But if you do so, be sure to ask the streamer to put their phone on vibrate, so they don't disturb the ceremony. And while you're at it, turn off all notifications and noises on the streaming device, too.

Consider hardware

If you're planning a ceremony in a noisy or outdoor environment, we definitely recommend looking into an external mic.

While Facebook Live will work fine just with a phone and no accessories, you can ensure a steadier shot by employing a tripod. For you audiophiles out there, a number of companies make external microphones that can attach to smartphones. Using one of these will improve the stream's audio quality.

If you're planning a ceremony in a noisy or outdoor environment, we definitely recommend looking into an external mic.

Coordinate a location

In advance of the wedding, determine from where you'd like the stream to happen. Setting it up in the front row is often a good vantage point.

Be sure to let any in-person photographers know this location, so they don't accidentally stand in front of the streamer and block their shot. On the flip side, it's important that the streamer is positioned in a way that doesn't make getting a good photo difficult for the photographer.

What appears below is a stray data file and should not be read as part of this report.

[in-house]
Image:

Ensure a connection

Check with the venue to see if there's a solid wifi signal. It's a good idea to get the network's password before the ceremony. If wifi isn't an option, a good 4G connection will work. Be warned though, if the signal is weak, Facebook won't let you initiate a stream.

Give it a test run

Before the ceremony, make sure Facebook's app has been downloaded. Open it up, log in, and confirm that the app works properly on whatever device will be used.

We suggest doing a test stream from your ceremony location well in advance. This way, if there's any kind of issue, you'll have plenty of time to address it before wedding time.

Watch out for copyrighted music

Watch out for copyrighted music which can get your stream blocked. Have your moderator turn off the sound during those parts or choose some royalty-free music that is safe from copyright strikes.

MORE ways to live stream your wedding:

Updated on May 29, 2020.

  1. Hi,

    We're planning to stream our elopement ceremony on FB Live (perfect solution for all our out of town people!), but today we saw warnings about FB taking down videos due to music copyright infringements. This breaks our heart because we had songs picked to start and end it, and now we're trying to find a workaround. Any advice about this problem?

    (Also our ceremony is in a few days, so there's some urgency to the issue.)

  2. If you live stream your wedding on FB you need to be very careful regarding any recorded music in the ceremony. FB will shut off your stream if they detect any copyrighted content. Use only rights free recordings or live music if you want the entire ceremony to stream successfully…